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About jtanman

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  1. jtanman

    DR250S still running too rich after carb rebuild...

    Thanks for the input
  2. jtanman

    DR250S still running too rich after carb rebuild...

    That did cross my mind soon after I started the post, so I tried checking the level with a line on the bowl drain. Seems to be alright.
  3. jtanman

    DR250S still running too rich after carb rebuild...

    Thanks for the response, I appreciate any feedback. I should have been more clear: the old pilot jet was seized and I drilled it and used a file to remove it. Then I put a new stock one in and it snuggled up nicely in place.
  4. jtanman

    DR250S still running too rich after carb rebuild...

    Just picked up a 1990 dr250 with 11,000 miles on the odometer. The guy I got it from had it sitting in storage since 2008. It looks great. Clean motor and plastics, no missing mirrors or blinkers, and flawless stock seat cover. Having sat for 10 years I opened up the carb and ordered a rebuild kit. The o-rings were in rough shape and the float needle’s spring was seized. Had to drill out the pilot jet. Anyway, I installed a new pilot jet, gasket/o-rings, and needle and seat. Disassembled the choke plunger and cleaned it out to ensure it was clear of debris. Thoroughly cleaned all passages I could see with carb cleaner, compressed air, and wire. With stars in my eyes I put the carb back on and the bike started first couple of kicks and idled well, but I had to have the idle screw just about all the way in. I hopped on and went for a brief ride down the road. Within 30 seconds it started running rough and stalled. I got it going again and headed back to the house. At this point the bike refused to idle and sputtered pretty badly through the rpm range. I pulled the plug and it looked like garbage (old and black) so I gapped a new one and put it in. I also pulled off the tappet covers and checked the valve clearances. Based on my inspection all 4 were in spec. At some point I went to start it again and it fired up and ran well for a few seconds, then started to struggle again. After it died I kicked 8-9 times with no hint of a start. I pulled the new plug and it was soaked. I experimented with the mixture screw and tried running the bike with the screw turned 0 to 4 turns out at several intervals with minimal luck. During this entire time I’ve had the air filter off, so I’m sure it’s not suffocating from any lack of air. Any ideas? I’m trying to stay level-headed but I just might donkey-kick this thing if I can’t make any progress!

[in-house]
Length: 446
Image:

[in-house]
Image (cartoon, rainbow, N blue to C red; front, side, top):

5. jtanman

    250xc died while riding

    Thanks for keeping us updated. Happy to hear you discovered the issue.
  6. Where thousands of dollars are at stake, I beg to differ!
  7. This is exactly the type of information that I'm looking to hear. Thank you!
  8. jtanman

    2 stroke rev limiters

    This is the most satisfying thing I've watched all day.
  9. Haha, I suppose you’re right. I changed the title to be more clear.
  10. I’m very pleased with all your input. Since I’m only 25 it seems reasonable to get a new bike. Shmoozing the wife would be in order, of course....
  11. My apologies if the title smells clickbaity! I suppose I could have said “Is buying a new bike a very bad idea financially?” I agree with the high maintenance costs. With my latest bike I’ve chucked around $500 at it just this summer to keep it in good shape.
  12. I've had a few different dirt bikes in past years that were aged enough that I was able to sell them for close to the same price I bought them for. Because of this, I've enjoyed the ability to ride on what basically feels like free/cheap bikes. There are drawbacks, of course. It's always scary buying a machine that has had several owners, which means its history is vague. Unexpected parts break down at unexpected times, and I suppose I've rarely experienced pure peace of mind because of that. The alternative to my past method which would provide peace of mind and fewer breakdowns is to buy a brand new bike or at least one that is newer than a couple years old. The bummer in that case however is that the bike would lose much more of its value and mean that I would sell it at a great loss. Or am I wrong? I'm not looking for those "well it's an expensive sport so buck up" comments. I'm genuinely curious about what seems like a financially smart move to you guys. Buy new and keep the bike for a decade? Buy older bikes and swap them out often? I often wonder what the prime ownership strategy is in order to keep money expenditures low and bike quality high. I'm not very hardcore. Just a weekend rider type who enjoys semi-vigorous trail riding. No racing. What are your thoughts?
  13. jtanman

    Replace these reeds or nah?

    Yikes. Locked up? That’s no good.
  14. jtanman

    My new, or new to me, 2000 CR250

    Guilty as charged.